Annie Gilbertson Investigative Reporter
Annie Gilbertson is KPCC’s Investigative Reporter. She joined the station in 2013 as an education reporter covering the nation’s second largest school district, Los Angeles Unified.
Annie was honored as a national finalist at the 2014 Investigative Reporters and Editors awards for her year-long investigation into L.A. Unified’s $1.3 billion deal to equip every student with an iPad. Her reports exposing the school district’s close ties with Apple and publisher Pearson contributed to the cancelation of the contract, the resignation of the superintendent and the launch of an FBI investigation.
Annie revealed the hidden costs of wiring L.A. schools for computers and tablets. She also discovered that California schools had misidentified bilingual kids as “English learners,” which may have boosted group test scores but kept fluent students out of mainstream classes.
Prior to joining KPCC, Annie worked at Mississippi Public Broadcasting, where she produced an award-winning investigative series on how schools had purchased inaccurate sex education materials.
In her role as investigative reporter, Annie is digging into a variety of subjects including but not limited to healthcare, poverty and her first love — public schools. Got a tip? Call, email, tweet or send a carrier pigeon.
Stories by Annie Gilbertson
L.A. Unified officials estimate $40 billion in repairs are going unmet. Voters could see a request for more cash, though some feel burned by past projects.
Violence, economic insecurity and neglect are the reality for many Los Angeles kids, a new report finds. These students struggle to do well in school.
L.A. Unified's student data system failed to schedule students, track attendance and record grades. Many ask how the school district got to this point.
L.A. Unified Superintendent Ramon Cortines said he anticipates deficits the next two school years, but a freeze on staff hires comes as state funds are increasing.
Worried about safety, Los Angeles Unified kept 90,000 iPads on campuses. Now, school officials want to send them home, but are they ready?
L.A. Unified's controversial iPad program lost its biggest supporter week when Superintendent John Deasy stepped down earlier this month. Will the program leave with him?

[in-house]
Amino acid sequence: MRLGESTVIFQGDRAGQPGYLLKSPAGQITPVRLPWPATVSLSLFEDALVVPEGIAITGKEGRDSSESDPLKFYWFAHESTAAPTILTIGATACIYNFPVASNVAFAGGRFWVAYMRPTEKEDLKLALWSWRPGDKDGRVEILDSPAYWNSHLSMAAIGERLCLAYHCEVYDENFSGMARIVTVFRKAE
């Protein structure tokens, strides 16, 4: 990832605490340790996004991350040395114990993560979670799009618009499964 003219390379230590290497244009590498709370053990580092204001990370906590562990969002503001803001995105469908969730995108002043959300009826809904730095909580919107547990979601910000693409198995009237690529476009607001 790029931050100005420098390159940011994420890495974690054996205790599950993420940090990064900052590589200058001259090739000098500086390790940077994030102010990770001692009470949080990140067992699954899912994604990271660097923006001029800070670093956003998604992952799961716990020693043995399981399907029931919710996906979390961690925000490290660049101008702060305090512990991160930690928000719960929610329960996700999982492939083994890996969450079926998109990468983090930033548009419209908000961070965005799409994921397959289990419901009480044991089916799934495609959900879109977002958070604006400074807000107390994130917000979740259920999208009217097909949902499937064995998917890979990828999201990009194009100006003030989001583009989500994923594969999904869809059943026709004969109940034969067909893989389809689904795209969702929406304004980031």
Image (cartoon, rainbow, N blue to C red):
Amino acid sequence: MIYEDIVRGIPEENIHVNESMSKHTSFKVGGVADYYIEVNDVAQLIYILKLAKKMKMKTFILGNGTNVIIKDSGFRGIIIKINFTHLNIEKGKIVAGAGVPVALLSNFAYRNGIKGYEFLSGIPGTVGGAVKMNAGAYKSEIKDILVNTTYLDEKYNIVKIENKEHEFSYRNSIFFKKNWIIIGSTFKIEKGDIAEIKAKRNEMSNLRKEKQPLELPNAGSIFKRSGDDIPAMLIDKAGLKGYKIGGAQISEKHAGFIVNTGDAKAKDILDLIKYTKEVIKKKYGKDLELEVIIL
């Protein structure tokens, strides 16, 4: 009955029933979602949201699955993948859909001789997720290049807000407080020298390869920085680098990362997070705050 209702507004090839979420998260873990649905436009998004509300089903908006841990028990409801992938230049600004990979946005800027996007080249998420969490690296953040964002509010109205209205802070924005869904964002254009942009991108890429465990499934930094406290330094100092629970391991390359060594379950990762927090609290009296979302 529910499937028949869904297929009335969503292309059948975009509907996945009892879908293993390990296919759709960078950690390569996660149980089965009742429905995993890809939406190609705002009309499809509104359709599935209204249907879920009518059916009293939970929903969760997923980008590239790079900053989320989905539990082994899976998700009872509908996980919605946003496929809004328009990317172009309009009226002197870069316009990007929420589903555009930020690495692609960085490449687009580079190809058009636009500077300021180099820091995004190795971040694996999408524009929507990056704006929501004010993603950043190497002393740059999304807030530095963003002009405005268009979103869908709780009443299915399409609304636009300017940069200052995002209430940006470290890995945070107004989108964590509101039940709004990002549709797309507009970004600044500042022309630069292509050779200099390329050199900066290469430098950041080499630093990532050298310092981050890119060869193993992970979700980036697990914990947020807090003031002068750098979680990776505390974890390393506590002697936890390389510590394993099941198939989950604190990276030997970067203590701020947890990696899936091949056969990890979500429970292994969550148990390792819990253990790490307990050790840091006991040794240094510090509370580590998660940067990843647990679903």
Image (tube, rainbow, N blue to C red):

Former L.A. school superintendent Ramon Cortines was coaxed out of retirement with a $300,000 annual salary to step in for John Deasy.
Former L.A. Unified Superintendent Deasy declared politics have thwarted "student-centered" reforms. Some members of the education community agree. But not all.
Los Angeles Unified Superintendent John Deasy is stepping down, the district confirmed Thursday, adding that he will remain on special assignment through Dec. 31.
The ACLU and Public Counsel say students at Dorsey and Fremont high schools, like those at Jefferson High, are also being deprived of adequate instruction time.
The Los Angeles Unified inspector general spent months investigating the $500 million iPad purchase. School board decided report should remain confidential.
Hundreds of schools across L.A. Unified still struggle to track attendance, record grades and schedule students. Officials say the problem is dated computers.
Los Angeles Unified plan calls for spending $1.1 million to fund an additional 30-minute school day, add 15 new class sections, and increase support personnel.
Children's classics like "Madeline" and "Matilda" are out of reach for about 100,000 Los Angeles Unified students. The issue is library staffing.
L.A. Unified and Jefferson High School staff meet to plan how to correct student class scheduling problems cited in lawsuit.